For most of its history NetSuite has had something to prove: specifically that its cloud-based ERP system was superior to the on-premise alternatives. That meant evangelising the benefits of cloud computing way back in 1998 when the company was founded.
Before being acquired by Oracle in 2016, NetSuite — along with Salesforce — emerged as one of the star players of the cloud-based SaaS world.
The widespread endorsement of cloud computing by competing vendors and customers which occurred in parallel to the company’s evolution means NetSuite is no longer the plucky upstart antagonising software giants like SAP.
But, now they’ve won the argument what does the company have to say next?
It’s a question that the business has been grappling with internally for the last two years, says Jason Maynard, SVP Strategy and Marketing, NetSuite.
“For the first 15 years of the company’s existence we were pioneering an idea that a lot of people thought was pretty crazy,” says Maynard.
“We were early and built our business around the cloud. Now everyone has agreed and adopted, and in some shape or form are trying to follow where we’ve been.”
Indeed, cloud seems to be moving into a more mature phase as a market. For instance, Oracle’s shares were smacked by the market earlier this week when the company missed its quarterly forecast due to slower than anticipated cloud growth.
The new story that Netsuite wants to talk about is focused more on the customers and less about the infrastructure.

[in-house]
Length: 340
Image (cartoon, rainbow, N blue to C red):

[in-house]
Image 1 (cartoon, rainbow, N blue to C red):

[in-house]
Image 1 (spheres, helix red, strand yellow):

“When we look at the opportunity now, what we talk to our prospects and customers about is how do you grow your business? What are the things that holding your business back? Cloud is clearly an enabler,” Maynard said.
Ready. Set. Grow.
The theme of the company’s annual SuiteWorld conference in Las Vegas is “Ready. Set. Grow.”
NetSuite itself is also on a rapid growth trajectory now that it is a business unit “inside the friendly confines of Oracle.”
“We’re expanding ourselves, but the focus of NetSuite today is how do we make our customers more successful.”
NetSuite’s biggest opportunity over the next five years is finding the businesses that are “running on the old stuff and moving them into the cloud,” Maynard says.
“If you think about cloud ERP or cloud financials, I would guess we are probably less than 10 per cent penetrated versus the overall global ERP market. So the really big opportunity is NetSuite going after growing companies all across the globe who are migrating from a legacy on-premises based system.”
Since being acquired, NetSuite has been kept intact. Maynard explained the rationale from Oracle’s standpoint:
“When we were acquired we were roughly about US$1 billion in revenue, so we were a little too big to break up into pieces and fold into each of the respective functional operating lines. The other big opportunity is scaling our business across the globe.”
Netsuite is leveraging Oracle’s global scale and resources to accelerate its international growth. At the company’s annual SuiteWorld event in Las Vegas last year Oracle CEO Mark Hurd said the goal was to give the NetSuite business all the benefits of Oracle scale and none of the encumbrances of Oracle’s bureaucracy.